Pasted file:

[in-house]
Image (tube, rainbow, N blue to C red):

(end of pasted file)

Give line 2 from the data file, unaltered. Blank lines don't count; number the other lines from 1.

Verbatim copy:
Image (tube, rainbow, N blue to C red):